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Thai PM agrees to allow British Police to Investigate Britons Murders



Thailand's Prime Minister Prayut Chan-o-cha poses as he arrives for the Asia-Europe Meeting (ASEM) in Milan

Thailand’s Prime Minister Prayut Chan-o-cha poses as he arrives for the Asia-Europe Meeting (ASEM) in Milan


BANGKOK – Thai Prime Minister Prayut Chan-o-cha has agreed to allow British police to help with the investigation into the murder of two young Britons on the holiday island of Koh Tao, diplomatic sources said Friday.

The head of the junta dropped his objections to a visit by British detectives following a face-to-face meeting with Prime Minister David Cameron on the margins of the ASEM summit of European and Asian leaders in Milan.

“What the prime minister secured this morning was agreement from the Thai prime minister that we can send some British police investigators to Koh Tao to work with the Royal Thai Police on this,” a British diplomatic source reported.

Details of the agreement were yet to be worked out, but would involve “close coordination” between Thai authorities and the British Embassy in Bangkok, said Col. Weerachon Sukondhapatipak, the deputy spokesman of Thailand’s Army.

The new comes after Police chief Pol General Somyot Pumpunmuang said yesterday foreign countries are not permitted to have investigators look into crimes that occur in Thailand, as that would be considered a violation of the country’s sovereignty.

More than 100,000 people from across the world had signed an online petition calling for the British government to order an independent inquiry into the murders. The British law stipulates that an e-petition with at least 100,000 signatures can be brought to and debated in the House of Commons.

The Myanmar migrant workers Zaw Lin and Win Zaw Tun were charged with the murder of David Miller, 24, and the rape and murder of Hannah Witheridge, 23, afte the tourists’ battered bodies were found on Koh Tao on September 15.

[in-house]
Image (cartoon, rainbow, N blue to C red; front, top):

Thai police have said the two suspects confessed to the crime and their DNA matched samples taken from Witheridge’s body, but there have been accusations that the men were tortured — something Thailand strongly denies.

“There are two areas we are particularly concerned about,” said the diplomatic source.

“One is the verification of the DNA samples of the suspects, making sure there is further independent verification. And the second is the investigation into allegations of mistreatment of the suspects.”

The source stressed that “obviously it is for the Thai authorities to lead and carry out that judicial process”, but said it was important that it was “fair and transparent”.

Concerns about the murder investigation include the fact the crime scene was not sealed off after the killings, as well as the fact an early statement was released by police saying that no Thai person could have committed such a crime.

Earlier this week, Win Zaw’s mother told the BBC she did not believe the young men committed the crime, adding that this ordeal has left her feeling suicidal. Zaw Lin’s mother said: “The case has been rigged against my son.”

Britain summoned Thailand’s top diplomat in London on Monday to lay out its “real concern” about the handling of the case and offer its support, while the British envoy in Bangkok also met top Thai officials to discuss the case.

The grisly murders on the normally tranquil Thai island delivered a fresh blow to the kingdom’s image as a tourist haven after months of political protests that ended in May’s army coup, when Gen Prayut seized power.
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